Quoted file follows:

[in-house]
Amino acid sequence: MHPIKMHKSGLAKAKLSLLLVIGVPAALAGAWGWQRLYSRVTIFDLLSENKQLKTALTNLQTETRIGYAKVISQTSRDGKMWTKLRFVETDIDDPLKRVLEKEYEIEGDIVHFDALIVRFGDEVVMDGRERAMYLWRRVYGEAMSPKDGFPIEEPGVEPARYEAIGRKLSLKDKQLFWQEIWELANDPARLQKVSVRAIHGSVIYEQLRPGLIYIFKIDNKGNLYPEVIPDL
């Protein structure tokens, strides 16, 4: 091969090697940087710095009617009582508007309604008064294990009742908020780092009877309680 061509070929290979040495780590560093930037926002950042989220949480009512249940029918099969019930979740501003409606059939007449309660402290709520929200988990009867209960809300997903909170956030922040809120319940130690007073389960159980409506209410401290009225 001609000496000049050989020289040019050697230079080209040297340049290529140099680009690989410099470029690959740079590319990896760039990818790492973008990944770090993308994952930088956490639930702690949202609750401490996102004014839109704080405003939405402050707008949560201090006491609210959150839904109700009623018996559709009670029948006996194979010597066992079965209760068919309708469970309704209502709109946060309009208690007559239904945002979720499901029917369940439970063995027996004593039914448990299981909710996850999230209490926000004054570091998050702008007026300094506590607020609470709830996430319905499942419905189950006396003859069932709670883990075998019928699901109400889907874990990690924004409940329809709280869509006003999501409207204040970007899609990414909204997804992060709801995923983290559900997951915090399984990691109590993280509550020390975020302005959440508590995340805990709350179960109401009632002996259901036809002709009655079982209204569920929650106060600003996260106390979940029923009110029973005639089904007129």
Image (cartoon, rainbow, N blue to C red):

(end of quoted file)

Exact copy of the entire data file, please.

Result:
[in-house]
Amino acid sequence: MHPIKMHKSGLAKAKLSLLLVIGVPAALAGAWGWQRLYSRVTIFDLLSENKQLKTALTNLQTETRIGYAKVISQTSRDGKMWTKLRFVETDIDDPLKRVLEKEYEIEGDIVHFDALIVRFGDEVVMDGRERAMYLWRRVYGEAMSPKDGFPIEEPGVEPARYEAIGRKLSLKDKQLFWQEIWELANDPARLQKVSVRAIHGSVIYEQLRPGLIYIFKIDNKGNLYPEVIPDL
């Protein structure tokens, strides 16, 4: 091969090697940087710095009617009582508007309604008064294990009742908020780092009877309680 061509070929290979040495780590560093930037926002950042989220949480009512249940029918099969019930979740501003409606059939007449309660402290709520929200988990009867209960809300997903909170956030922040809120319940130690007073389960159980409506209410401290009225 001609000496000049050989020289040019050697230079080209040297340049290529140099680009690989410099470029690959740079590319990896760039990818790492973008990944770090993308994952930088956490639930702690949202609750401490996102004014839109704080405003939405402050707008949560201090006491609210959150839904109700009623018996559709009670029948006996194979010597066992079965209760068919309708469970309704209502709109946060309009208690007559239904945002979720499901029917369940439970063995027996004593039914448990299981909710996850999230209490926000004054570091998050702008007026300094506590607020609470709830996430319905499942419905189950006396003859069932709670883990075998019928699901109400889907874990990690924004409940329809709280869509006003999501409207204040970007899609990414909204997804992060709801995923983290559900997951915090399984990691109590993280509550020390975020302005959440508590995340805990709350179960109401009632002996259901036809002709009655079982209204569920929650106060600003996260106390979940029923009110029973005639089904007129």
Image (cartoon, rainbow, N blue to C red):